Google announced today it discovered a phishing attack from China specifically targeting senior U.S. government officials, Chinese political activists, journalists and military personnel. A statement posted on the official Google blog says hundreds of e-mail accounts were hacked into by "bad actors" originating from Jinan, China. "The goal of this effort seems to have been to monitor the contents of these users' emails, with the perpetrators apparently using stolen passwords to change peoples' forwarding and delegation settings," wrote Google engineering director Eric Grosse. According to The Wall Street Journal, the attack risks "further complicating relations between the Internet giant" and China, which has the highest number of Internet users.

It seems phishing attacks targeting Gmail users are becoming more and more prevalent these days. In April the wife of James Fallows, The Atlantic's national correspondent and, coincidentally, resident China expert, had her account taken over from a phishing attack aimed at suckering victims out of cash. After he heard from six other friends who had similar experiences, he pronounced it a "hacking epidemic."  Like what Google is doing today, Fallows warned users to protect themselves by changing their passwords and switching to Google's two-step authorization system. It's not clear who was behind these attacks, Google won't say. In Fallows's wife's case, her account was hijacked and her contacts were sent this letter asking for money.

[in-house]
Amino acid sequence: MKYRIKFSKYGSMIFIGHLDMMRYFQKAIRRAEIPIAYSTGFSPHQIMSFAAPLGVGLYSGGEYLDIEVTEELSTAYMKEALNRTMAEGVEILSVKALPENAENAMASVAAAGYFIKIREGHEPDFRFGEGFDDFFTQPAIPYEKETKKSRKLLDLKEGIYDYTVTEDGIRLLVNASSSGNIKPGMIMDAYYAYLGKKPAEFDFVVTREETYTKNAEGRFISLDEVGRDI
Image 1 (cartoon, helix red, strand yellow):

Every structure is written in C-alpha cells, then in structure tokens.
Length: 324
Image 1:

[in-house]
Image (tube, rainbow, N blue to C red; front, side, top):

It's not out of the question that China may have undertaken today's announced attack. As the Journal notes, Google has blamed China in the past for attacks on its computer networks. If that were the case, it's an interesting time for U.S officials to be attacked by a foreign state, just as the Pentagon has decided that cyber attacks on the U.S. are considered an act of war. If Google blames China for the attacks on U.S. officials, it will indeed be interesting to see how the Pentagon responds.